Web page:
HAR6016: Sociology of Health and Illness

The Sociology of Health and Illness module is led by Jennifer Burr and Barry Gibson. It runs in the Spring semester and is worth 15 credits.


The Sociology of Health and Illness module is led by Jennifer Burr. It runs in the Spring semester and is worth 15 credits.

It is one of the modules on:

This module is available as a CPD option

This module is available University-wide in any year as a DDP module


The sociology of health and illness involves studying how society is structured by looking at the patterns of relationships that have an existence over and above individuals.

In this respect it looks at how health is distributed as a consequence of how people are related to each other in a number of ways. This involves looking at how for example social class and gender relations result in varying patterns and experiences of health.

The sociology of health and illness module goes well beyond this however. In this module you will also undertake a journey to study social organisation.

We will be exploring how our very ideas about health can be controlled and manipulated, and how these ideas are historically located.

Beyond this sociology is also the study of what things mean to people. A large part of the sociology of health and illness involves understanding how people relate to each other both rationally and emotionally through what things mean for them.

We will explore how the meaning of health can shape encounters with various health professionals including doctors, health promoters, dentists and various different therapists.

The module does not require any prior knowledge of sociology and is structured for students who are not from a social science background. However, we do welcome students from a range of disciplinary backgrounds.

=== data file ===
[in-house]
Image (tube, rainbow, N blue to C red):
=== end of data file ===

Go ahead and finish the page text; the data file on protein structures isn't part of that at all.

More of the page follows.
The aims of the module are to;

  • Develop a critical awareness of the sociology of health and illness including its relevance to health policy;
  • Introduce key themes of the sociology of health and illness;
  • Assemble key debates and discussions within the sociology of health and illness relevant to key components of public health;
  • Evaluate and assess core aspects of the sociology of health and illness relevant to public health;
  • Explore one application of the sociology of health and illness to public health in depth.

Learning outcomes

By the end of the module, students will be able to:

  • Demonstrate the skills to be able to review and assess a range of issues in the sociology of health and illness that are relevant to a self directed and defined problem;
  • Show how an awareness of theoretical positions can enhance the exploration of a topic or problem in public health;
  • Engage critically and independently in debates related to the sociology of health and illness and how these can help us evaluate public health problems;
  • Produce a detailed work centred around a sociological exploration of a particular issue in public health.

Teaching methods

This module consists of 12 sessions. Each session consists of a discussion forums lasting one hour and 45 minutes.

The purposes of the forums are to introduce key concepts and theories, identify foundational assumptions and substantive ideas. We will also be seeking to illustrate the application of these assumptions and ideas to problems in public health.

The sessions will focus on developing students’ ability to

  • employ sociological arguments
  • interact through the medium of sociology
  • assemble and organize sociological approaches to a problem
  • encouraging the acceptance of different perspectives on a problem with the purpose of exposing hidden points of meaning
  • challenging our own perspectives and taken for granted assumptions about a problem or area
  • criticising both public health policy and sociological perspectives on health and illness

The content of our courses is reviewed annually to make sure it is up-to-date and relevant. Individual modules are occasionally updated or withdrawn. This is in response to discoveries through our world-leading research, funding changes, professional accreditation requirements, student or employer feedback, outcomes of reviews, and variations in staff or student numbers. In the event of any change we'll consult and inform students in good time and take reasonable steps to minimise disruption.

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